Low Season sees a pretty significant change in Poolside‘s style, but this just goes to show that change isn’t always a bad thing.

Release date: February 7, 2020 | Pacific Standard Records | Facebook | Instagram | Twitter

I have been a big Poolside fan since their debut album Pacific Standard Time back in 2012. Its chill electronic sounds were a great accompaniment to the band’s really unique disco vibes, and I still don’t think I’ve heard anyone pull off that whole ‘daytime disco’ thing quite as well as these guys. 2017’s Heat saw an expansion on their sound in pretty much every way, from tempo to the actual instrumentation used. It’s still a somewhat regular listen to me, and now Low Season seems like it will be joining the club.

I could tell Low Season was going to be a hit from the very first note on the opening track “Abandoned Tunnel”. That is because I am a sucker for saxophones, and this album begins with a two-and-a-half-minute-long soulful sax solo. Poolside jump right into their signature sound with “I Feel High”, which kicks off as the first track winds down. Their typical funk-tinged percussion with retro synths comes in confidently, joined shortly after by the vocals of Ben Browning (Cut Copy).

While you will certainly find a lot of what makes Poolside so unique in this track, it doesn’t take long to notice a pretty significant difference in style. “I Feel High” feels much more influenced by pop than anything on Heat or Pacific Standard Time did. The opening seconds of “Can’t Stop Your Lovin'” will really hammer it in – this is a bit of a new look for Poolside. Yes, the mellow synths and disco influence persist, but more often than not they are overshadowed by the indie-style vocals and much more poppy synth hooks. This track is probably the most radio-friendly thing Poolside have made to date. It has a really strong Hellogoodbye or Toro Y Moi sound to it, with the vocals feeling more front-and-center than they did in the past.

That being said, I don’t necessarily find this new sound to be a bad thing at all. It just so happens that indie pop is one of my favorite genres of music, and for a group that’s danced around the edge of sound for years now, I can’t say it’s coming completely out of left field. If this album were executed poorly we would be having a different conversation, but the music on Low Season is really good still. The classic Poolside sound is very much there, and you don’t have to dig deep to find their usual influences. Their soundscape has evolved, however.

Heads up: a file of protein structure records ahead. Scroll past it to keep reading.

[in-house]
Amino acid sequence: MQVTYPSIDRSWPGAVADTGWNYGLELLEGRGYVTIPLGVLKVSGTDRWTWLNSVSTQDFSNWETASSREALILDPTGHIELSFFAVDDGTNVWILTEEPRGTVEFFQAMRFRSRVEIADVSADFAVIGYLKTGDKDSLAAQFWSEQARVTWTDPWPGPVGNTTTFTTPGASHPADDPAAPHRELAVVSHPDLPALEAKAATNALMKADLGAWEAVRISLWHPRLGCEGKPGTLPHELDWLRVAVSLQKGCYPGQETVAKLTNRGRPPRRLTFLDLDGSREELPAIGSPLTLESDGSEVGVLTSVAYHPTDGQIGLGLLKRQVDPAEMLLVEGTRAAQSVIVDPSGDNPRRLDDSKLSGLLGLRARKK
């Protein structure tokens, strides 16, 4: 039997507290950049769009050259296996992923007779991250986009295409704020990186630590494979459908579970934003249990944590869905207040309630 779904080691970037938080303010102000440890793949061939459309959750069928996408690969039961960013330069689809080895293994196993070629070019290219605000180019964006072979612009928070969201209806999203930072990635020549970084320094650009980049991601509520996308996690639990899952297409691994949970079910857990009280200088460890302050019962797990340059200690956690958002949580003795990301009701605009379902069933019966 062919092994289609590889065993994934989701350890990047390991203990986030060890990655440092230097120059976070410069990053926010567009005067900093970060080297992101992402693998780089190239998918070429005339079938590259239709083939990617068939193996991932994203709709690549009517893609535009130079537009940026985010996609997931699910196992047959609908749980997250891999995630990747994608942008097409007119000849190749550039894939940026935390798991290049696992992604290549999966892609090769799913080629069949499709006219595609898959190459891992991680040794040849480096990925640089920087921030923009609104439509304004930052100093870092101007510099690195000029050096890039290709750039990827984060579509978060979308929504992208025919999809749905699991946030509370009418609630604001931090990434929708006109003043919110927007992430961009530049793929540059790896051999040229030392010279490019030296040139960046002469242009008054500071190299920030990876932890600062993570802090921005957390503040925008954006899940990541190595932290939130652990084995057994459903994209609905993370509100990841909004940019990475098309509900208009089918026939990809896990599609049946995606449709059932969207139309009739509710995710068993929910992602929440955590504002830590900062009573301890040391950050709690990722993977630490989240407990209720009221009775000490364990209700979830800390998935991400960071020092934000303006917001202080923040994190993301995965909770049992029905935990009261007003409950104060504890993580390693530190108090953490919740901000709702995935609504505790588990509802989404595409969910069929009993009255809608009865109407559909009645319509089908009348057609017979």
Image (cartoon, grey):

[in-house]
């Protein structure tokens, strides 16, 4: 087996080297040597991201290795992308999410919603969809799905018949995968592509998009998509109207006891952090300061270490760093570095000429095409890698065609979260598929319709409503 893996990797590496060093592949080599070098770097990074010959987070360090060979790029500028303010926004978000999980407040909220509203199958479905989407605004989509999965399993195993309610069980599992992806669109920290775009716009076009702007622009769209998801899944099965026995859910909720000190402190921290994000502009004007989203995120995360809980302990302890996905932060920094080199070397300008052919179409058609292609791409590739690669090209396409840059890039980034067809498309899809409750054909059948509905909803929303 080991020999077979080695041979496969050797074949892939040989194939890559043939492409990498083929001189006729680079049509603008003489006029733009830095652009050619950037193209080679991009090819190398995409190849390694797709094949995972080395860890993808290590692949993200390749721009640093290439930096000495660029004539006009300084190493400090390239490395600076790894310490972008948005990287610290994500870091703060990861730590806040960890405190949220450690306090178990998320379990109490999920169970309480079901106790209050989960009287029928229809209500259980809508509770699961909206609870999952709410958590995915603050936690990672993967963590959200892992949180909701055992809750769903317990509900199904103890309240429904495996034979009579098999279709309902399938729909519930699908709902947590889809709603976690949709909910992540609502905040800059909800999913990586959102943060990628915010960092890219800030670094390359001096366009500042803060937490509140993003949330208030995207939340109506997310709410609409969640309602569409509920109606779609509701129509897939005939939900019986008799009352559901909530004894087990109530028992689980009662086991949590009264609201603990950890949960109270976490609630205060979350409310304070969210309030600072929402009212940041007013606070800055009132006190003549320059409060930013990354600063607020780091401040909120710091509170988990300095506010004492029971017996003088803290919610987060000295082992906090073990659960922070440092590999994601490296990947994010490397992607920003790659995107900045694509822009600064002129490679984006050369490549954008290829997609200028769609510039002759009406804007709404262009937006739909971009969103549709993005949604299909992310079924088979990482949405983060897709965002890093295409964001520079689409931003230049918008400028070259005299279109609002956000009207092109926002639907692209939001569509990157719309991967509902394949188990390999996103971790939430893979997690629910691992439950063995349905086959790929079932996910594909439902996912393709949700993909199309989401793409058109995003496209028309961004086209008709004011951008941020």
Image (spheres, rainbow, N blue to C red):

This album feels way more accessible than any of their past music, which was already really welcoming. Low Season has absolutely massive hooks; instead of just being inviting to the casual listener, these songs are earworms that are very likely to have anyone who hears them in passing seek them out for more listens. “Around The Sun” is one of my favorite songs of the year so far, and a huge highlight of the album. I think you could show this to just about anybody and they couldn’t hate it. It’s an incredible feel-good song that makes you want to sing along and dance to it. The disco groove is strong, and the feature of Amo Amo gives it incredible life. It makes me wish for summertime, just laying somewhere and soaking up the sun. If these vibes were any stronger, they’d melt the inch and a half of snow that’s been persisting for the last week here. I can’t wait to drive around with the windows down and this song on when the warmer weather comes.

That’s the big thing with Low Season – it makes you feel good. The retro synths are warm and nostalgic; the whole thing is incredibly mellow and great for a listen at any time. It’s not an incredibly deep listen either. There is a lot going on at the surface level that just melds together really well, making for a relaxing time. If you’re the kind of person who likes something more substantive, there are a plethora of sounds dancing around in the background. “Losing Control” is a great example of this, with its subtle guitar melody that harmonizes with the synth throughout the last minute or so.

Not every track on Low Season has the same level of accessibility. All of the tracks with featured artists are more vocal-driven, and those are the ones I think could find a ton of radio success if the right people heard them. But this review would be nothing, and I would be doing Poolside a huge disservice, if I didn’t remark on the closing track, “Sunrise Strategies”, at least momentarily. This is an absolutely beautiful and simply dazzling piece of music. It begins with the light plucking of an acoustic guitar, which is already totally different. Tycho-level ambience and bass grooves help to flesh out this airy and organic track. It feels more like the group’s early work, but matured and a lot more refined than their first album. The last couple of minutes play out with droning synth notes accompanied by bird chirps, and it really just ends Low Season on a unique and very high note.

If you’re listening on Spotify (as I have been), the moving visuals of Low Season are the perfect explanation of the sound and vibe. Scenes seemingly pulled from the 70s or 80s play out, split between dance halls and beach scenes; images of people surfing will change to a couple spinning in dazzling lights. You can’t find a better way to describe this iteration of Poolside. Part of me wants to be out on a boat or sitting on the beach enjoying the weather, while another part of me just wants to get down to these funky tunes and make a damn fool of myself. Either way, I’d be having a blast, and it would be thanks to Poolside.

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